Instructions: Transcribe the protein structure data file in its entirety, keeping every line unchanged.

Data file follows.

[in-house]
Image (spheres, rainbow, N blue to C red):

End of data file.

[in-house]
Image (spheres, rainbow, N blue to C red):